** Journal of Electromagnetic Analysis and Applications ** Vol. 2 No. 8 (2010) , Article ID: 2589 , 6 pages DOI:10.4236/jemaa.2010.28060

A New Formulation of Electrodynamics

^{ }

^{1}Department of Physics, Faculty of Science, University of Khartoum, Khartoum, Sudan; ^{2}Department of Physics, Faculty of Science, Alneelain University, Khartoum, Sudan.

Email: {arbab.ibrahim, f.a.yassein}@gmail.com, aiarbab@uofk.edu

Received December 27^{th}, 2009; revised July 22^{nd}, 2010; accepted July 30^{th}, 2010

**Keywords:** Mathematical formulation, Maxwell’s equations

ABSTRACT

A new formulation of electromagnetism based on linear differential commutator brackets is developed. Maxwell equations are derived, using these commutator brackets, from the vector potential, the scalar potential φ and the Lorentz gauge connecting them. With the same formalism, the continuity equation is written in terms of these new differential commutator brackets.

1. Introduction

Maxwell equations are first order differential equations in space and time. They are compatible with Lorentz transformation which guarantees its applicability to any inertial frame. A symmetric space-time formulation of any theory will generally guarantee the universality of the theory. With this motivation, we adopt a differential commutator bracket involving first order space and time derivative operators to formulate the Maxwell equations and quantum mechanics. This is in addition to our recent quaternionic formulation of physical laws, where we have shown that many physical equations are found to emerge from a unified view of physical variables [1]. In such a formulation, we have found that Maxwell equations emerge from a single equation. Maxwell equations were originally written in terms of quaternions. They were initially written in twenty equations [a]. However, later on Maxwell equations are then written in terms of vector in the way that we are familiar today. In our present formulation, Maxwell equations are described by a set of two wave equations representing the evolution of the electric and magnetic fields. This is instead of having four equations. We aim in this paper to write down (derive) the physical equations by vanishing differential commutator brackets. We know that second order partial derivatives commute for space-space variables. We don’t assume here this property is a priori for space and time. To guarantee this, we eliminate the time derivative of a quantity that is acted by a space () derivative followed by a time derivative, and vice-versa. In expanding the differential commutator bracket, we don’t commute time and space derivative, but rather eliminate the time derivative by the space derivative, and vice versa. This differential commutator bracket may enlighten us to quantize these physical quantities. By employing the differential commutator brackets of the vector and scalar potential φ, we have derived Maxwell equations without invoking any a priori physical law. Maxwell arrives at his theory of electromagnetism by combing the Gauss, Faraday and Ampere laws. For mathematical consistency, he modified Ampere’s law. He then came with the known Maxwell equations.

2. Relativistic Prelude

From Lorentz transformations one obtain,

(1)

We see that the commutator bracket

(2)

where we have taken into account in the order of multiplication of the space and time differences, (). This shows that the commutator is Lorentz invariant. This is a new invariant quantity in relativity. We, however, already knew that the square interval is Lorentz invariant, i.e., [2]. It follows from Equation (1) that the differential commutator bracket is Lorentz invariant too, i.e.,. We know that the spatial second order derivatives of a function, , is commutative, i.e.,. We wonder if the commutations of space and time derivatives are equally valid for all physical quantities. Motivated by this hypothesis, we propose the following differential commutator brackets to formulate the physical laws. In particular, we apply these differential commutator brackets, in this work to derive the continuity equation, Maxwell equations.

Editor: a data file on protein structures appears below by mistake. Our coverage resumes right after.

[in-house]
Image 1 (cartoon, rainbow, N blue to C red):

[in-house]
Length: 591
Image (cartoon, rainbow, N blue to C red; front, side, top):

3. Differential Commutators Algebra

Define the three linear differential commutator brackets as follows:

(3)

Equation (3) is correct, since partial derivatives commute, i.e.,. For a scalar and a vector, one defines the three brackets as follows:^{1}

(4)

(5)

and

(6)

It follows that

(7)

(8)

(9)

for any vector. The differential commutator brackets above satisfy the distribution rule

(10)

where are. It is evident that the differential commutator brackets identities follow the same ordinary vector identities. We call the three differential commutator brackets in Equation (3) the grad-commutator bracket, the dot-commutator bracket and the cross-commutator bracket respectively. The prime idea here is to replace the time derivative of a quantity by the space derivative of another quantity, and vice-versa, so that the time derivative of a quantity is followed by a time derivative with which it commutes. We assume here that space and time derivatives don’t commute. With this minimal assumption, we have shown here that all physical laws are determined by vanishing differential commutator bracket.

4. The Continuity Equation

Using quaternionic algebra [3], we have recently found that generalized continuity equations can be written as

(11)

(12)

and

(13)

Now consider the dot-commutator of

(14)

Using Equations (11)-(13), one obtains

(15)

For arbitrary and, Equation (15) yields the two wave equations

(16)

and

(17)

Equations (16) and (17) show that the charge and current density satisfy a wave equation traveling at speed of light in vacuum. It is remarkable to know that these two equations are already obtained in [3]. Hence, the currentcharge density wave equations are equivalent to

(18)

5. Maxwell’s Equations

Maxwell’s equations are first order differential equations in space and time of the electromagnetic field, viz.,

(19)

(20)

(21)

(22)

These equations show that charge () and current () densities are the sources of the electromagnetic field. Differentiating Equation (20) and using Equation (21), one obtains